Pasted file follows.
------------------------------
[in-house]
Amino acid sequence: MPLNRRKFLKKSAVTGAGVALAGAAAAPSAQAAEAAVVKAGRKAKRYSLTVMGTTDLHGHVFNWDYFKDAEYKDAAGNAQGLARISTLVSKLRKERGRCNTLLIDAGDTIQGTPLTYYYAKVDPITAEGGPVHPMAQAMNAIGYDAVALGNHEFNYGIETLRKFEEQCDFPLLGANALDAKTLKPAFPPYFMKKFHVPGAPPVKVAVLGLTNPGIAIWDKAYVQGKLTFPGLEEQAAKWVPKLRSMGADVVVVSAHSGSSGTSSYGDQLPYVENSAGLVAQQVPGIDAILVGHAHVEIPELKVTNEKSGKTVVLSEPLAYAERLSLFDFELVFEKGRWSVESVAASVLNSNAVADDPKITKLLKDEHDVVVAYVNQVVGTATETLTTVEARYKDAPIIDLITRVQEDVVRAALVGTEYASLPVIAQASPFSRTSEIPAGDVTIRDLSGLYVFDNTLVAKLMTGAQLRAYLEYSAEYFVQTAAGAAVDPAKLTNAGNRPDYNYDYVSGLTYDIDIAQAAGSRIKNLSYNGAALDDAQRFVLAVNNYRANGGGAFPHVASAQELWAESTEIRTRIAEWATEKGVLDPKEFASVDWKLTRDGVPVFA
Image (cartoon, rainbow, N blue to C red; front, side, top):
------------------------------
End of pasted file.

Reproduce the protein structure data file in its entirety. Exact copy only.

[in-house]
Amino acid sequence: MPLNRRKFLKKSAVTGAGVALAGAAAAPSAQAAEAAVVKAGRKAKRYSLTVMGTTDLHGHVFNWDYFKDAEYKDAAGNAQGLARISTLVSKLRKERGRCNTLLIDAGDTIQGTPLTYYYAKVDPITAEGGPVHPMAQAMNAIGYDAVALGNHEFNYGIETLRKFEEQCDFPLLGANALDAKTLKPAFPPYFMKKFHVPGAPPVKVAVLGLTNPGIAIWDKAYVQGKLTFPGLEEQAAKWVPKLRSMGADVVVVSAHSGSSGTSSYGDQLPYVENSAGLVAQQVPGIDAILVGHAHVEIPELKVTNEKSGKTVVLSEPLAYAERLSLFDFELVFEKGRWSVESVAASVLNSNAVADDPKITKLLKDEHDVVVAYVNQVVGTATETLTTVEARYKDAPIIDLITRVQEDVVRAALVGTEYASLPVIAQASPFSRTSEIPAGDVTIRDLSGLYVFDNTLVAKLMTGAQLRAYLEYSAEYFVQTAAGAAVDPAKLTNAGNRPDYNYDYVSGLTYDIDIAQAAGSRIKNLSYNGAALDDAQRFVLAVNNYRANGGGAFPHVASAQELWAESTEIRTRIAEWATEKGVLDPKEFASVDWKLTRDGVPVFA
Image (cartoon, rainbow, N blue to C red; front, side, top):